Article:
We leave Key west in the morning.  I'm not sure that Key West will miss us.  There is still a trail of dried brown spots, up the 3 flights of stairs to our room, marking the trail of Josiah  after his accident in the pool.  Grace added a few more of them yesterday when I had her at the pool with the 3 older boys.  Josiah didn't want me to miss out on the embarrassment Karlye got to experience without me the other day.  I was sitting there with the 4 of them when he started shouting at the top of his lungs, "GRACE POOPED IN THE POOL!  DAD, COME HERE, GRACE POOPED IN THE POOL!"

I suppose I should get some sleep.  Tomorrow promises to be a long, arduous day of travel.  We will arrive home late with kids who have fallen asleep in their car seats and have to be scraped out and carried sobbing to their beds.  I can tuck them into their own beds.  I will feel content.  We will have survived another vacation with no serious injury or missing persons reports.  We will have made some great memories. I will most likely be the last one awake.  As I turn out the last of the lights and tuck myself into my own bed, I will sleep a deep sleep knowing that our family has somehow been enriched by this week.

Wednesday, April 13, 2011

The Vacation - Part III

     My kids amaze me with their boundless energy, their endless enthusiasm, and tireless fascination with the world around them.  They also have a way of driving me absolutely batty with their whining, loud obnoxious noises, and willful defiance.  Vacation seems to bring it all out, the good and the bad.  Not just in them either.  Their father as well.  I think it has a lot to do with lots of people in close proximity, in a change of environment, with no naps and a complete disregard for normal schedules and routines.  Those things effect the kids too.

     I'd like to pretend that I'm super-dad.  I am not.  I'm starting to become super-grumpy dad.  That's not how I want them to remember me.  So, tomorrow I will work hard at making memories with the kids.  Yes, we will probably have way too much planned for what I want.  I will try and be understanding of and caring to my wife, who does not know how to relax on a vacation.  I know that this is an important week for her, and I need to make it as special as I can.  I can do better than I have been doing.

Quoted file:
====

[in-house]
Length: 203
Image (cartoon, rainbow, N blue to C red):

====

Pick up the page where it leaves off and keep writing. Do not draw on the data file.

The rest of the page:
Not that we haven't had a great time.  We have taken in the trained cat show put on by the crazy man with a fake French accent.  We have had great sea food, except for the kids who won't eat anything but chicken fingers.  We learned the history of the last 500 years on Key West as well as the architectural styles of the houses built in the 1800's.  The boys got to make pretzels with Dave, the pretzel guy.  A wonderful, friendly man with a New York accent, who is friends and neighbors with my in-laws.  We ate hot dogs with all varieties of mustard on pretzel buns.  We got to hold hermit crabs, and conchs, and horseshoe crabs, and sea cucumbers at the aquarium.  We even got to touch a shark.  Of course, we also had chocolate dipped frozen key lime pie on a stick.  We have snorkeled (the kids have anyway), and splashed on the beach, and played in the pool.  We have hunted geckos and chased iguanas.  It has been a fun and eventful trip.